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ObamaCare's Future Is Now in States' Hands

ObamaCare's Future Is Now in States' Hands

By Eric B. Schnurer and Sarah Dash - June 22, 2013

It’s been a year since the Supreme Court upheld the Affordable Care Act and three years since Congress first enacted it, but the debate surrounding Obamacare rages on.

This week the administration attempted to seize control of the message with a new ad campaign by the advocacy group Organizing for Action, touting better coverage and lower cost. But these high-profile efforts -- like the continuing attempts in the House of Representatives to repeal the ACA -- obscure the fact that the real focus of health care reform has moved on: The ACA, rather than being the federal takeover critics fear, has already created a framework for both states and private providers to implement their own strategies to improve people’s health -- and they are doing so.

The future of health care lies not in posturing over national politics but in state-level efforts to tackle the country’s real health challenges by addressing three interrelated, synergistic goals: better health, better care and lower costs. By meeting this triple challenge, some states are already leading the charge and paving the way for true reform.

West Virginia, for example, ranks 12th in the nation in per capita health spending, yet it ranks a dismal 48th in the overall health of its people. Gov. Ray Tomblin commissioned our organization, Public Works, to undertake a comprehensive review of the state’s health agencies in order to identify new approaches to improve efficiency and to uncover integrated, cost-saving solutions that don’t necessarily lead to more care, but will ultimately result in needing less care over time. For instance, since heart disease, stroke and diabetes are leading causes of death in West Virginia, focusing the state’s resources on reducing occurrence of these diseases would both produce healthier people and lower health system costs.

Efforts are already underway in a number of states -- as diverse as Arkansas, Ohio, New York, and Oregon -- to harness new ways to collect and analyze data on health care costs and quality, identify the highest-cost or most prevalent health care problems, and bring together health care providers, public health experts, and others to generate improvements.

The need for greater integration has long been a problem in health care. Specialists often treat conditions independently instead of working together to treat the whole patient. But new resources and technologies are making collaboration easier -- think, for example, of health information technology that allows teams of care providers to track which of their diabetic patients need their blood sugar checked instead of waiting for patients to show up with dangerous complications.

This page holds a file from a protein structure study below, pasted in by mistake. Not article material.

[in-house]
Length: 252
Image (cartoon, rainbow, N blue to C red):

Similarly, the evidence is overwhelming that better health happens not just in the provider’s office but in real life -- where we live, work, play and learn. For example, bike sharing programs, walkable streets, and park access aren’t just about the environment, public safety, or recreation -- they really do encourage better health, and need to be thought of as part of our health system.

State policymakers are beginning to recognize the need to look beyond hospitals and clinics to these kinds of programs, and to break down the silos within government itself in order to foster better health at lower cost. Policymakers need to foster integrated collaboration between state government agencies (housing, transportation, environment, health, other social services, parks and recreation) and harness proven strategies that have improved health and lowered costs through an integrated, comprehensive approach.

No discussion of health care reform would be complete without considering Medicaid, the largest health care line item in state budgets. Lowering health care costs is a major objective of reform, and Medicaid will continue to be a major focus of cost containment efforts.

But cost containment must go beyond raising co-payments, cutting benefits, and focusing on Medicaid alone in its own silo. There is a better way to look at cost containment -- one in which lower costs happen because of better health (tackling the crisis of preventable disease and injury that is filling hospital beds and nursing homes, but siphoning away people’s health and productivity) and better care (ridding the system of inefficiencies that have plagued health care for far too long).

More money spent on more care doesn’t necessarily mean better health, if it did, Americans would be the healthiest people in the world, but we’re not. But by focusing on achieving better health, we can deliver the right care and stop spending money on the wrong care, lowering costs overall while improving outcomes. Never mind the continued national drama over Obamacare; the state level is where the real work of health care reform -- and innovation -- now must occur. 

Eric B. Schnurer is president of Public Works LLC, a national public policy consulting firm. Sarah Dash, a member of the research faculty at the Georgetown University and former congressional staffer on the Affordable Care Act, consults with Public Works LLC. 

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Eric B. Schnurer and Sarah Dash

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